The two main countries involved in wild-caught python skin exports are Indonesia and Malaysia. Vietnam too, has contributed towards a major portion of the market, especially in Burmese python skins, but all exports are declared to have come from captive-bred snakes. But given the variation in production costs between wild-caught and farmed python skins, yet both types of skins command the same market price, doubts have risen over the commercial feasibility of Vietnam’s python farming industry.
The report highlights certain discrepancies in Vietnam’s annual trade figures. Thousands more python skins were exported in 2010 than could be accounted for by records obtained from Vietnam’s southern Cites Management Authority, where the vast majority of its python farms are located.
This led to suspicions that unscrupulous traders have been laundering wild-caught pythons from Indonesia and Malaysia by smuggling them into Singapore and mixing them with existing stockpiles, before labelling them as “captive-bred” skins from Vietnam, for re-export to European markets.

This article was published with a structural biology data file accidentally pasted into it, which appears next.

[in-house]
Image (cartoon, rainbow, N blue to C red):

Vietnamese python skins were banned from the European Union in December after the European Commission’s scientific review group formed a “negative opinion” on reticulated python exports from Vietnam. Malaysian python skin exports have been banned by the EU since 2004. Nevertheless, python skins from both countries still find their way into the EU: Malaysia and Vietnam export most of their skins (over 60%) to Singapore, which exports about 60% of its python skins to the EU.
The biggest exporter to the EU is Indonesia, which ships 50% of its python skins to Europe and 31% to Singapore. The report says that Indonesian hunters ignore quotas and illegally harvest snakes throughout the year for sale to slaughter houses. To support the local industry, Indonesia only exports semi-pro-cessed skins. These, however, are less in demand than the cheaper, raw skins which Malaysia, the second biggest exporter of wild-caught python skins, exports.